Here is an interesting dating article from Yahoo
A couple of years ago, I fell hard for a dark-haired Swedish drummer who was in a metal band called Obligatory Torture. (In its native form, Obligatorisk Tortyr, it sounded kind of sexy.) He had a tattoo, nose and tongue piercings, and pronounced “yogurt” like it began with a “j.”
As a first-generation Indian-American, I had a very different background from the Swede, which made us endlessly exotic to each other. He was deeply interested in my culture-and I was deeply interested in the fact that he was about as far away from being Indian as I could get. But we had little in common; in fact, our shared interests stopped at a love of the Rolling Stones (which, I quickly discovered, is not the key to lasting love). There were others before the Swede-a blue-eyed Southern boy; a freckled art-school student; a half-Jewish guitarist. But each of those relationships was missing something, and one by one, they dissolved.
Growing up, I always assumed that I lacked the gene that made Indians of the opposite sex appealing to me. They seemed immature, unexciting, and too close to home to be attractive. It was hard to understand how I could be connected to my culture, but disconnected from the guys who populated it. I now know that when it comes to dating, the desire for the novel and exotic-for me, anyone who wasn’t Indian-can compete with the need for familiarity. But in the end, which impulse should win out?
Cracked jokes in Hinglish
My mother, for one, would have been thrilled if my older sister or I had brought home a brown-skinned beau. She would have swooned as he ate with his right hand — the way we do-and cracked jokes in Hinglish (a Hindi-English hybrid) while deftly peeling a mango. She would have pronounced his name properly-probably better-than I could. He would have fit right in.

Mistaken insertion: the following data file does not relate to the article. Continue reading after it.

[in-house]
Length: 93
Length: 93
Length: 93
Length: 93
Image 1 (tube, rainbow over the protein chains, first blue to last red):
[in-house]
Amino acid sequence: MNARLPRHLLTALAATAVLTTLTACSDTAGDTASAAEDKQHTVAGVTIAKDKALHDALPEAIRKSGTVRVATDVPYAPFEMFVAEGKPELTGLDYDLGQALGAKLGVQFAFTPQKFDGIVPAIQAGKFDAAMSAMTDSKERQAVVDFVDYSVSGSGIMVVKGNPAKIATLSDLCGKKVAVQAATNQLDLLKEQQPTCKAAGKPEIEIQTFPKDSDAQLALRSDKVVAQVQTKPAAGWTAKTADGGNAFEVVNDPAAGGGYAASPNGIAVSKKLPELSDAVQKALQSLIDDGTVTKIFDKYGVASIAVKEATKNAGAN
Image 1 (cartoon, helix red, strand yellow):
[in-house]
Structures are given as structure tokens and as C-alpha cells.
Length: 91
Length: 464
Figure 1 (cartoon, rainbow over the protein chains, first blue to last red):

Instead, I scandalized my parents by inviting my unruly, willowy Swede home for the winter holidays. When my mother glimpsed the shiny metal knob attached to his tongue, she nearly choked on her rice and pickle. Their conversations in English-as-a-second language were pileups of misunderstandings, awkward and lacking depth. It was no better when they traded gifts: traditional Swedish cookie-cutters for my parents, a fancy shaving razor for him. (Too bad Indians don’t bake cookies and Swedish rockers adore their stubble.) Butthe drummer and I loved each other too fiercely to care, and dismissed the cultural dissonance as a casualty of romance. About a year later, though, I had to face the fact that the Swede was frustratingly deficient in the ambition department-he could barely commit to part-time work, while I was hungry for a career-and we ultimately parted ways.
Eventually, and to my surprise, the missing gene kicked in when I met a gainfully employed Indian-American guy. He was also a DJ of underground music, which satisfied my taste for subculture. And as a bonus, he had a tuft of chest hair (a common Indian trait) poking out from the top of his T-shirt-that so help me, I actually thought was hot. We shared a strong, immediate attraction and a common identity. This made him novel, precious, and overwhelmingly intriguing despite my inner protest: But he’s not my type-he’s just like me!